A.J.P. Scanlon, 13 Feb 2000
Earlier today (March 10) a ceremony was held in Canberra to mark to centenary of the Australian army. The colours, guidons and banners of every unit of the Army took part - the first time since the Queen's silver jubilee almost 25 years ago. The highlight of the day was the presentation of a banner to the Army by the Governor-General. The banner is scarlet, with gold fringes, cords and tassels. The obverse of the banner bears the coat-of-arms of Australia. The reverse bears the 'rising sun' badge of the Australian Army, flanked by several battle honours commemorating every major conflict the Army has involved in for the last 100 years (example: World War I). This was the first time a ceremonial banner truly representive of the Army as a whole was presented to the Army.
Miles Li, 10 March 2001
I would guess that it's just a one-off ceremonial item, not intended to replace any of the forces' flags, or the tri-service flag.
David Cohen, 10 March 2001
This flag is officially simply called the Army Banner, and several photos of it (obverse only, showing the coat-of-arms, not the
reverse with the 'rising sun' badge) can be found in the photo gallery of
the official Australian Army website
Miles Li, 7 May 2001
by T.F. Mills
The Australian system for infantry colors is very similar to the British system, consisting of a Queen's (national) colour and a Regimental Colour, but due to the longevity of Colours, many battalions still carry the UJ for a Queen's Colour. Regimental Colours follow the same rules as the British, with a wreath of wattle leaves substituting for the Union Wreath (roses, thistles and shamrocks). The Queen's Colour in the form of the Australian national flag also closely follows the British system while accommodating a different flag design.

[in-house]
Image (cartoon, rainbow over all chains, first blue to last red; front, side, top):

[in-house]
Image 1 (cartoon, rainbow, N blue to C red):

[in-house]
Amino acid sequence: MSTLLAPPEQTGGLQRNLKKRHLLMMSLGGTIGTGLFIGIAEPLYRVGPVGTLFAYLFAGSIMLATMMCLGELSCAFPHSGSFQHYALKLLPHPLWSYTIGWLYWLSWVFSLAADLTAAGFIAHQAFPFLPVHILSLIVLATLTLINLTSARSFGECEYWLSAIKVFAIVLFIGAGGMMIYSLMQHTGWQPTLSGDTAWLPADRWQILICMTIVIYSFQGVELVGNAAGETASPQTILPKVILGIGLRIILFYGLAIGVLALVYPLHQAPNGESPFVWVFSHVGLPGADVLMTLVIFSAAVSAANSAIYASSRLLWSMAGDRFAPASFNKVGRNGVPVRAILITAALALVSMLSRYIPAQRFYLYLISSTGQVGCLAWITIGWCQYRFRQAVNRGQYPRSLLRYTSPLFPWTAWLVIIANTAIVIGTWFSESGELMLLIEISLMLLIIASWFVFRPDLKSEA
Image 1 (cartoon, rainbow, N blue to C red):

The example is the 28th Battalion of The Royal Western Australia Regiment. Since 1960 the Reserves consist of one infantry regiment in each State, with a varying number of battalions. The battalions perpetuate old numbered battalions which fought in two world wars. The Queen's Colour uses the UJ in the canton as an almost identical replica of the British Queen's Colour. A gold-edged circle fills the center of the St. George Cross. Inside the circle is the regiment's name. Enclosed in the circle is the battalion number. Normally the battalion number is in Roman numerals, but XXVIII would not fit aesthetically so it is rendered in arabic numerals. The Regimental Colour, on the other hand, has the Roman numeral in the canton. The circle is surmounted by a Crown. The Regimental Colour contains eleven battle honour scrolls (South Africa, and ten selected honours from WWI). The Queen's Colour contains ten selected battle honour scrolls from WWII. These are arranged at the bottom of the flag where they interfere the least with the stars and balance the UJ in the canton.
The flag should be fringed.
T.F. Mills, 24 April 1999